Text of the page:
Colorado House Passes Bill to Prohibit Fuel Sales on Public Land


Ira Wexler/NATSO

The Colorado General Assembly last week passed legislation that prohibits fuel sales on public land.  The state legislation not only reaffirms the federal law prohibiting commercial services at rest areas but also prohibits the sale of motor fuels from any taxpayer-subsidized property. 

The Colorado Wyoming Petroleum Marketers Association (CWPMA) said the bill addresses recent public-private partnerships where compressed natural gas (CNG) infrastructure is constructed on public property with a pipe extending onto adjacent public property for the purpose of contracting with a private entity to retail CNG. CWPMA said such agreements are allowing governmental entities to use the private sector's own taxpayer dollars to compete against them. CWPMA also argued that such arrangements impede private sector investment in alternative fuels infrastructure because of the complicit benefit such operations glean from tax-free personal property being utilized.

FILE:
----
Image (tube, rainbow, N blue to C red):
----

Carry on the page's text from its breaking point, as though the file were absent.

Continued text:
The bill now moves on to the Colorado Senate where it faces challenges from cities, counties and environmental groups.



This article originally ran in NATSO News Weekly (NNW). NNW, NATSO's electronic newsletter, is packed with the latest updates on government and business issues affecting the truckstop and travel plaza industry. Every Monday it is emailed to NATSO members only. 

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